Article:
For a demonstration of the model, we used an XNA project to load and display it. You can access that here. If you don’t have XNA, the model is also in that folder for you to open with Blender.

The model as seen through Blender.

tile_puzzle: A Python tile puzzle emulator with simple solver

During the last couple of months I have been attending a module on artificial intelligence and machine learning in games. One of the basic algorithms the course looks at is the best-first search for making in-game decisions such as the next move in chess. In class, we used A* search (finding the shortest possible path from one node to another – an extension of best-first search) to solve a puzzle like the one below – a selection of sliding tiles in a housing that allows for one tile to move at a time.

A 15-tile puzzle with 16 spaces, also known as a fifteen-puzzle.

Beginning with a scrambled (but legal) board state, the algorithm uses a heuristic to assign values to every possible next state, puts them in a list of open states, and then picks one of those states to move to. Then it does the same thing again, adding new board states to the open list and already-used states to the closed list. This continues until it has reached a predefined goal state – in this case, the start state. The heuristic takes into account not just the closeness of the state to the goal, but also how many moves it took to get to the state. That is what allows it to find the shortest path every time.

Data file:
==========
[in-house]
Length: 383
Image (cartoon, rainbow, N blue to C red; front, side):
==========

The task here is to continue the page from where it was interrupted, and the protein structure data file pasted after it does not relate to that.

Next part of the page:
I liked this algorithm when I heard it the first time, but it wasn’t as clear to me as I would have liked. This time, I decided to make sure I understood – by implementing it in real code. I began with emulating the tiled board. The board state is simply a two-dimensional list, which is generated in the start (or goal state). Random legal moves are then made on the state to generate a random, legal, board state.

The other part of the program is a solver, which creates an instance of the board and randomises it. Then it uses the algorithm described above to attempt a solution. I say ‘attempt’ because even at the 15-puzzle level, complicated board states can take more than a few hours to solve. The 24-puzzle is considerably more complex, so I don’t even consider it here, although the code will work for a square board of any size from two upwards.

I enjoyed this project because it was fun to use Python in a new context – solving heuristic problems. Previously I had only done this with Java. I learned a lot about how A* algorithms work, and got some experience with designing for general solutions. I designed the code to work with any size board, and made it possible to solve different problems using the same solver.

The code is available on GitHub. Below is a fairly simple execution log of a 24-puzzle with 20 random moves on it.


Size: 5
Random iterations: 20
Randomising: 20 iterations
Tiles out of place: 11
Isolated moves from goal state: 39
1
2
3
4
5
6
7
8
9
10
Found it after 10 moves
Total children added to open list: 21691

| 1| 2| 3| 4| 5|
| 6| 7| 8| 9|10|
|11|12|13|14|15|
|16|17|18|19|20|
|21|22|23|24| 0|

| 1| 2| 3| 9| 4|
| 6| 7|13| 8| 5|
|11|12|18|14|10|
|16|17|19| 0|15|
|21|22|23|24|20|

| 1| 2| 3| 9| 4|
| 6| 7|13| 8| 5|
|11|12|18|14|10|
|16|17| 0|19|15|
|21|22|23|24|20|

| 1| 2| 3| 9| 4|
| 6| 7|13| 8| 5|
|11|12| 0|14|10|
|16|17|18|19|15|
|21|22|23|24|20|

| 1| 2| 3| 9| 4|
| 6| 7| 0| 8| 5|